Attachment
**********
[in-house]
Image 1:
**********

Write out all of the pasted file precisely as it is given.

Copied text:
[in-house]
Image 1: